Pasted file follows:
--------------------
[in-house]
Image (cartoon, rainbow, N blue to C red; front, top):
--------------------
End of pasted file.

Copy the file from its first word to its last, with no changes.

[in-house]
Image (cartoon, rainbow, N blue to C red; front, top):